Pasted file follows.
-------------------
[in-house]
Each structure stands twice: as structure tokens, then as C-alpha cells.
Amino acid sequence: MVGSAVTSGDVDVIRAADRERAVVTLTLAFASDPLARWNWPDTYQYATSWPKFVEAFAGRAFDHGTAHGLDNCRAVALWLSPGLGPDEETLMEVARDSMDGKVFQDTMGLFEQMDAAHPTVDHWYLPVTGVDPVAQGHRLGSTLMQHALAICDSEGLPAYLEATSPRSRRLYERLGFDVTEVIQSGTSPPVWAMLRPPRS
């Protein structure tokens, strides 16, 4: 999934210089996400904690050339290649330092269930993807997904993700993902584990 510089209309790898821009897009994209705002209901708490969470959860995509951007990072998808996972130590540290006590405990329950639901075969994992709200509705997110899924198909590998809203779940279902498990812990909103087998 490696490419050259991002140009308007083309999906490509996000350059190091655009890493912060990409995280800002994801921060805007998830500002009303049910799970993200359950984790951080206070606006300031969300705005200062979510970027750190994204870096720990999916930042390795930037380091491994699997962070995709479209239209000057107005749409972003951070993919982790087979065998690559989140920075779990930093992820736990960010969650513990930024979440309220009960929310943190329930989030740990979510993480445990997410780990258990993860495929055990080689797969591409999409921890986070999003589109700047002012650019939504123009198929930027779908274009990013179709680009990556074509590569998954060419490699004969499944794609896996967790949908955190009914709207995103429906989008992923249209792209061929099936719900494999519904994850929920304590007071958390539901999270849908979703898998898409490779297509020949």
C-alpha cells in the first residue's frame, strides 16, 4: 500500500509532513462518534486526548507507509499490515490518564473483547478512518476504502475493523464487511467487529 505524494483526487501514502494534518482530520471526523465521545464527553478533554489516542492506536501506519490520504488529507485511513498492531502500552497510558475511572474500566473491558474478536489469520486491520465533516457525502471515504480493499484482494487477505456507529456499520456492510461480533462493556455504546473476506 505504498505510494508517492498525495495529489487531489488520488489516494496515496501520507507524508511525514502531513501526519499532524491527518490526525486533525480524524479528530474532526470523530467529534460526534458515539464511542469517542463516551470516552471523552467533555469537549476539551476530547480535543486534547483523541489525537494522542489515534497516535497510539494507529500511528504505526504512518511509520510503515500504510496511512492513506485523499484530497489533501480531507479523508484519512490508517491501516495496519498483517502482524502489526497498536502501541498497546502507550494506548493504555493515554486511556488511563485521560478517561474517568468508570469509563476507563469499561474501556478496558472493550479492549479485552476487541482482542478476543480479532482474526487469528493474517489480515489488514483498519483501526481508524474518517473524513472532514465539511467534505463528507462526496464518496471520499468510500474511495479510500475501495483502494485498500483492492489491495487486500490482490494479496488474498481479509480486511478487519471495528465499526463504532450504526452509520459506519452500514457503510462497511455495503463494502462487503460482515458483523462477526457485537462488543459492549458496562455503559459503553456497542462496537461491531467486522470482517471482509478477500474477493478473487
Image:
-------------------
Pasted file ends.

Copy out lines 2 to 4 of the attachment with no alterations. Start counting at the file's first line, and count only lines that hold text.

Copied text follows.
Each structure stands twice: as structure tokens, then as C-alpha cells.
Amino acid sequence: MVGSAVTSGDVDVIRAADRERAVVTLTLAFASDPLARWNWPDTYQYATSWPKFVEAFAGRAFDHGTAHGLDNCRAVALWLSPGLGPDEETLMEVARDSMDGKVFQDTMGLFEQMDAAHPTVDHWYLPVTGVDPVAQGHRLGSTLMQHALAICDSEGLPAYLEATSPRSRRLYERLGFDVTEVIQSGTSPPVWAMLRPPRS
């Protein structure tokens, strides 16, 4: 999934210089996400904690050339290649330092269930993807997904993700993902584990 510089209309790898821009897009994209705002209901708490969470959860995509951007990072998808996972130590540290006590405990329950639901075969994992709200509705997110899924198909590998809203779940279902498990812990909103087998 490696490419050259991002140009308007083309999906490509996000350059190091655009890493912060990409995280800002994801921060805007998830500002009303049910799970993200359950984790951080206070606006300031969300705005200062979510970027750190994204870096720990999916930042390795930037380091491994699997962070995709479209239209000057107005749409972003951070993919982790087979065998690559989140920075779990930093992820736990960010969650513990930024979440309220009960929310943190329930989030740990979510993480445990997410780990258990993860495929055990080689797969591409999409921890986070999003589109700047002012650019939504123009198929930027779908274009990013179709680009990556074509590569998954060419490699004969499944794609896996967790949908955190009914709207995103429906989008992923249209792209061929099936719900494999519904994850929920304590007071958390539901999270849908979703898998898409490779297509020949």